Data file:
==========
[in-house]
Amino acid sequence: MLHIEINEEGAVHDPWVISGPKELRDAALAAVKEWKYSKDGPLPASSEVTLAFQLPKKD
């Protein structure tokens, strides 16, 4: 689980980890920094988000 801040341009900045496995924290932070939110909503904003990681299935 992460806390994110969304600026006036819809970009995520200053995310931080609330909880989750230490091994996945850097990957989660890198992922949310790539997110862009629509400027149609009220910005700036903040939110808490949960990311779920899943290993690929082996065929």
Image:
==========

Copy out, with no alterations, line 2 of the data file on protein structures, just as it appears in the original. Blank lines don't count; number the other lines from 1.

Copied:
Amino acid sequence: MLHIEINEEGAVHDPWVISGPKELRDAALAAVKEWKYSKDGPLPASSEVTLAFQLPKKD